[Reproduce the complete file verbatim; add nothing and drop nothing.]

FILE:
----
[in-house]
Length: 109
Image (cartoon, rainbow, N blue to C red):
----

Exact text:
[in-house]
Length: 109
Image (cartoon, rainbow, N blue to C red):